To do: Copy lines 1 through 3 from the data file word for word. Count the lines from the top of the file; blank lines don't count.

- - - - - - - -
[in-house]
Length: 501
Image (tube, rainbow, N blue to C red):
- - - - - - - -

[in-house]
Length: 501
Image (tube, rainbow, N blue to C red):